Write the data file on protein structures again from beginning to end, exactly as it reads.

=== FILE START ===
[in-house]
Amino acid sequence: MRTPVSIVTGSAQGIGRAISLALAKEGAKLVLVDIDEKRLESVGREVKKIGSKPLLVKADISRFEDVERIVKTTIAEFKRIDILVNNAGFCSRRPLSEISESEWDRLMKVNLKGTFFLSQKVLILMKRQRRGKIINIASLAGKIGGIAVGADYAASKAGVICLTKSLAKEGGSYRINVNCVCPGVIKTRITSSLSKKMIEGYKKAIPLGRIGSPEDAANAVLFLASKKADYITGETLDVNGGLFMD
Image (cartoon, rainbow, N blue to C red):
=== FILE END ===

[in-house]
Amino acid sequence: MRTPVSIVTGSAQGIGRAISLALAKEGAKLVLVDIDEKRLESVGREVKKIGSKPLLVKADISRFEDVERIVKTTIAEFKRIDILVNNAGFCSRRPLSEISESEWDRLMKVNLKGTFFLSQKVLILMKRQRRGKIINIASLAGKIGGIAVGADYAASKAGVICLTKSLAKEGGSYRINVNCVCPGVIKTRITSSLSKKMIEGYKKAIPLGRIGSPEDAANAVLFLASKKADYITGETLDVNGGLFMD
Image (cartoon, rainbow, N blue to C red):